Post-Death Consciousness

A small and clumsy answer to Dennis and his friend Mark

(The full work of which being scheduled to appear in small weekly segments for publication in Tale Told.)


You may suppose this “preamble” is a small work coming before the main body of the work to explain something about the main body of the work. If such is the case, you are in grave error.[1] In fact, this preamble is a short work coming before that preamble (to the main body of the work) to explain that preamble (to the main body of the work). Let’s see if I can give some light as to what I mean:

Basically, I can’t remember the last time someone was incautious enough to hand me a microphone. Herein, I am creating a microphone to hand myself, and there’s literally nothing you can do to stop me. Okay, do we understand each other? Great. In that case, let the preambling begin.

My friend Dennis handed me a small argument or monograph that Mark, a friend of his, had written, staking out a position for the cessation of human consciousness between death and the future bodily resurrection—an event all three of us anticipate. Before receiving the parcel I had some rough idea of what the topic was to be, but warned Dennis that I have put things I truly want to read on hold for years due simply to trying to keep my head above Life’s water level.[2]  Yet Dennis pestered me often over the next year or two, “Have you read it?”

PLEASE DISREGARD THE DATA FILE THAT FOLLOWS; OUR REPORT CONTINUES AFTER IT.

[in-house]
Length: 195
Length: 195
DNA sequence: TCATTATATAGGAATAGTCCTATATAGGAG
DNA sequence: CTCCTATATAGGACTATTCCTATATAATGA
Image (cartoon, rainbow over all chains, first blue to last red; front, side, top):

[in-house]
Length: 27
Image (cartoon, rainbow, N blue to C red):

When I finally scheduled a 3-day vacation to the beach, I took the un-perused work along, supposing I could at least peek into it. The work impressed me as fairly well thought out, with some of the (scripturally based) arguments being, in my opinion, more persuasive than others. I got about half way through, stenciling some rough notes and scripture reminders to myself to use if I did get around to answering the assertion. For that is where I came in: Dennis, knowing my position to be other than cessation of consciousness post-death, wanted me to write a rebuttal to his friend’s work.

If I do have a bachelor’s degree in Bible from a reputable Bible institute—mind you, I’m not saying I do, but if I do—I did not embark on such a goal with this topic in mind. (To me, this is not must know theology.) However, I found that I was interested enough to both finish reading the 18-page volley within a week or two of returning home, and to feed paper into my typewriter[3] with a view to making some small reply in defense of a different stance. The document that emerged was too rambling to classify as a monograph—I was only intending to introduce a few new scriptures into the topical arena. Well, I may also perhaps have thought to dispute a point of logic here or there, or to express an opinion—in the least offensive terms—that I considered certain arguments within the text an abuse of cited Scripture in either application, genre or flow cropping. (In one case, an inclusion of the very next verse in Ecclesiastes would have turned the spirit of thought in the contrary direction.)